Posts Tagged ‘understanding past decisions’

the freedom to have a past

August 8, 2012

Let’s be honest, I am 43 years old, an american and have been married once before with four beautiful children. No, I don’t have four different babies’ daddies running around, (only one besides my current husband), but that doesn’t mean that I don’t have things in my past that are a bit embarrassing. does everyone have an embarrassing past???? Probably not. and, “embarrassing” is a bit subjective, isn’t it? But, the older we get, the more likely it is that we have made decisions that we are not proud of. some of the decisions can even effect the way we live currently. But, some have a very marginal effect on us. Yet, they might have a very different effect on our spouse.
Before DH and I married, I told him every conceivable thing that he might hear from other people about me. I also told him the gossip that he might hear, even if it was only a rumour. I told him about the relationship with my children’s father and expounded on the decisions that I have made: good and bad. Although, the good decisions actually never get gossiped about, do they? Anyway, I believe that women’s (especially in his culture) pasts are much more harmful to their current and future relationships. What might seem like a learning experience to us, might be major for them. And, what might seem “normal” for us, might be just “unforgiveable” for someone in his culture. So, I was brutally honest. OK, it sounds like I have a very colorful past and, actually, I don’t. But, to him, I certainly do. I made sure that he understood that I didn’t have the option (not that I wanted to) to “hide” my past. He would have rather it be hidden like a dirty little secret and I don’t operate that way. I should clarify that he doesn’t necessarily have a “problem with my past,” just with the knowledge that there are others who not only know that it exists, but were active participants of its making. I am not proud of some decisions that I have made, (and I don’t talk about them endlessly) but I am opposed to lying about such things, that honestly, shouldn’t have a bearing on the present and future. I say “shouldn’t” because I do understand that sometimes people get into patterns that need to be broken and these patterns can start from one’s past. Yes, yes, “if we don’t learn from our past, we are doomed to repeat it,” — I know. But, honestly, my character should be judged by my present decisions, not my past. How “past” is considered “past?” Well, while that might be relevant for some people, I can tell you that the part of my past that is difficult for DH to stomach the consequences to happened more than a decade ago. There’s not really hipocracy here, DH doesn’t have a colorful past at all. This is partly because he is quite a bit younger than I am and partly because he has not had the freedom to make bad decisions. He has not grown up in a society that tells him that these decisions (at least when it comes to alcohol and sex and gambling) are “ok” and he has never come to a crossroads where he has had to make a choice on the matter.
and, this is another point that I’d like to make clear. We will take the issue of alcohol for me to illustrate this point. DH has never drunk alcohol. Not only has it never been offered to him(at least, not until he got to America), but Pakistani society has such strict rammifications for alcohol that it was not appealing to him. I have drunk alcohol and even been drunk a few times. I don’t drink now. It is a choice I make … … not to drink. for DH, until he got to America, there virtually was no choice.Does that make him more virtuous than I (if we believe that not drinking is a good thing) because he has never drank alcohol before? I don’t think so. I believe that virtue comes from having the decision “not” to be virtuous and making the right choice. If you have never had the opportunity to make a decision, then, your character can’t be tested. I am not saying that every possible temptation should be thrown at you so that you can make the right decision. But, what I am saying is that Character can not be “mandated,” it has to be built by a series of choices.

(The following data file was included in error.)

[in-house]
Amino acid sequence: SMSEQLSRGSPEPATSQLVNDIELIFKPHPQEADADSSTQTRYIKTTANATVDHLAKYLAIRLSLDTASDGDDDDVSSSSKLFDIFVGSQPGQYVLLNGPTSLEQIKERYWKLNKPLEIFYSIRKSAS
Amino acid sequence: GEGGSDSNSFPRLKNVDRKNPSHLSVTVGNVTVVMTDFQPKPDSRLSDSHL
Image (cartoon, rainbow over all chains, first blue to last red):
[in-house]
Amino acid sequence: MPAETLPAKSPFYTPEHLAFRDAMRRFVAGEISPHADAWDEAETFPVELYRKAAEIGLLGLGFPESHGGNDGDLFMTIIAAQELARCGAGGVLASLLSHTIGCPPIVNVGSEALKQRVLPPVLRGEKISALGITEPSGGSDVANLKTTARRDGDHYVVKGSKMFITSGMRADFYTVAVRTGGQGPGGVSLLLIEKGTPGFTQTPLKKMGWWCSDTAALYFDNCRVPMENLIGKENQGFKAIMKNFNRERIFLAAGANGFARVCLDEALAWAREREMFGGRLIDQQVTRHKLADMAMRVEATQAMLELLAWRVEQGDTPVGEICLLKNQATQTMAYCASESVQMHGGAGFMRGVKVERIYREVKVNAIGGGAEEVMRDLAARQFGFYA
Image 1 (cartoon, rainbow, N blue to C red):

Since coming to America, we know a female who has made some questionable decisions: which have been silently waved away by finding more than one scapegoat — just in case the first one didn’t work out or was questioned. She looks virtuous because noone knows about these decisions. But, it is hard to actually “learn” from something that you spend all day running from. You never ask yourself: why did I make that choice? Are the consequences that I am facing typical for people who have made my decision? What could I do differently next time? Yes, “freedom” means that you’ll probably make more bad decisions than someone who is restricted in the control they have over their own lives. But, “freedom” also means that “when” you make the right decision, you do so with the knowledge that you “could” choose differently. I’d like to have an interesting discussion about south Asian women and responsibility, but that is for a different blog post.
Taking responsibility for one’s past decisions does not mean being proud of them. It just means that you acknowledge that it was “you” who made them and you might reflect upon how not to make them again. If we never take responsibility for our decisions, then we never see how “we” can actually modify our actions so that we don’t make the same — or similar decisions. Your past, like your parents have the ability to shape who you become. You decide how much “shaping” it will do.
and, if you are always haunted by the skelitons of someone else’s past, find someone who either conceals their skelitons, or hasn’t had the opportunity to make any, yet. Because, although skelitons decay overtime, their odor and imprint lives eternally; not just for the person who has accumulated them, but for anyone who has or will open those doors.